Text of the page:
What is less clear, Morrison said, is if the new administration will use the act to put new demands on vaccine manufacturers Moderna and Pfizer, which are currently falling short of some production targets.

Gap Between Federal, State and Local Governments

Both Morrison and Riley pointed to gaps between federal, state and local governments as a major cause of confusion and delay in the first month of America’s vaccine rollout.

“One of the biggest gaps that has existed is between the federal government and the states. We knew we had to deliver the vaccines to the states, but the infrastructure and guidance from the federal government to the states on how to actually get the vaccine into arms has been lacking,” Riley said.  

The shift in administrations, Riley and Morrison said, has brought a shift toward federal authority, as Biden has signed a flurry of executive orders signaling more federal leadership in different areas of the pandemic response, including the vaccine rollout.

“This assumption of national federal responsibility marks a dramatic change from the Trump administration,” which had tended to shift those decisions to the states, Morrison said.

“We did see mayors, governors and others jump in to fill that void, with varying degrees of success and some jerry-rigged solutions,” he said, “but it’s hard to underestimate the level of confusion on the ground.”

Various team member headshots with the text: Wear a mask, for all of us. UVA.

Some of that confusion, they noted, was essentially inevitable, as the vaccination rollout is one of the most ambitious public health projects in memory. However, Riley and Morrison both said that federal leadership will play a much bigger role going forward.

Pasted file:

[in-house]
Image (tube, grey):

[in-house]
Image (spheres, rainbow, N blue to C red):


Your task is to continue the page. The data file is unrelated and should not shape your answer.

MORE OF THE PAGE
“The approach that Biden has laid out is really an FDR-style mobilization; it has been described by the president as a war-time undertaking,” Morrison said. “If carried through – and that will require a lot of money and concurrence from Congress – it will significantly change the place of public health and public health infrastructure in America.”

An Issue of Equity and Justice

McKee, Morrison and Riley also highlighted equitable distribution of the vaccine as a major issue, especially considering the pandemic’s disproportionate impact on minority populations in the U.S., particularly Black and Latino communities.

“We have seen a significant degree of inequity across racial lines in particular, as African Americans and other minority communities have suffered more than other Americans throughout the pandemic,” McKee said, “and that is something we are starting to see emerge in the ongoing vaccination campaign.”

One concern, Riley said, is “pharmacy deserts” – areas where a CVS, Walgreens or other pharmacy is not easily accessible, or even accessible at all.

“There are plenty of places in the country that are suffering desperately and don’t have access to commercial pharmacies,” she said.

Biden on Thursday announced a COVID-19 Health Equity Task force to deal with these issues, chaired by Dr. Marcella Nunez-Smith. Dr. Cameron Webb, a doctor and professor at UVA Health, was also tapped by Biden as a senior policy adviser for COVID-19 equity.

The new president also announced that the United States would rejoin the World Health Organization and the COVAX vaccine initiative, a global effort helping bring COVID-19 vaccines to low- and middle-income countries.

If wealthier countries fail to help countries with less access to the vaccine, Morrison said, “We are at risk of a world in which there are haves and have-nots, and desperate countries may opt for unsafe vaccines … a very mixed and dangerous situation.”

“Viruses don’t care about borders,” Riley added. “One of the biggest lessons learned in this pandemic should be that there has to be some form of solidarity if we are going to avoid another pandemic.”